|Of course, another panorama|
|Here's one for Tom Ryan--down LOW.|
After leaving that beach, I tried to figure out how to get north, but quickly realized I'd have to backtrack quite a ways. I was hoping to be at Rialto Beach at low tide, but now it was looking like I'd be getting there a bit after the lowest tide, and therefore as it was coming back in.
We arrived at the parking area, and it was nice that there was no payment required. We'd paid to get into the Hoh Rain Forest the day before, and the receipt is good for entry into the same national park for seven days, but it was nice just to not have the hassle. Though it WAS crowded. There was a ranger there talking to several people, and he had what looked like a tide table in his hands. But we passed him by and headed to the beach.
Some people had already stacked (and were still stacking) cairns all over the logs. It was pretty cool.
So of course Nathan joined in the fun and stacked a pile of his own.
|The artist, admiring his work|
I had gradually been noticing that there were FAR more people heading back toward the trailhead than heading out from the trailhead with us. (Even accounting for the fact you pass more people head-on than you pass or are passed by going the same direction--I stopped and looked around, and there were far more people headed north than south.) I wondered if they knew something I didn't about the accessibility of the "trail" which, thus far, was just the beach) at high tide, which was approaching soonish. So after conferring with Nathan, and considering what else we still wanted to get to see, we turned around and took more pictures heading back the way we'd come.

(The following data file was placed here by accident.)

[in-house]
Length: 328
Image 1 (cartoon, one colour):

|Nathan found a ladybug|
After our little hike, we got back on the road and headed toward Port Angeles. Along the way, we passed Crescent Lake, a beautiful blue lake. We stopped once, at a campground/resort area, and got out and took a few pictures, but then hit the road again.
In Port Angeles, we only briefly stopped for gas and a snack at Safeway, then headed up to Hurricane Ridge. I seem to recall being there on a family vacation when I was a kid, and at that time (also in the summer, but maybe earlier in the summer, like June or July), and it totally lived up to its name. However, this time, it was absolutely beautiful weather, and showed off the beautiful view.
|This is stitched from multiple photos, taken at an overlook partway up the hill|
|The view from the visitor center, including a deer grazing in the big meadow|
There was a cache just a few blocks away, so we headed in that direction, but it turns out the cache was accessible only off a waterfront trail that was several stories lower than us down a STEEP hill covered in blackberry bushes. Sure enough, when I zoomed in on the satellite map view in my phone app, all the nearby caches were on that same trail. So we headed toward the closest one we could easily get to, which also happened to be the destination I had in mind--a cache large enough to drop a trackable I'd created recently (added a keychain from Hurricane Ridge to a trackable tag I purchased and activated).
|This boat was parked alongside the road just about when we realized we couldn't get to the cache we originally intended|
The site of the cache had a few "muggles," both human and otherwise:
|I stood around taking pictures, trying to look like a mom who wasn't paying much attention to her kid who was crawling around in the bushes amidst the litter (while Nathan looked for the cache)|
|This was called the "Rocktopus"|
We headed back up the trail toward the cache we'd originally headed for, and found one cache, but it was starting to get dark, and Nathan was getting cold, so we didn't make it all the way to that cache. Oh well.
On our way back, we saw a motel with an interesting name.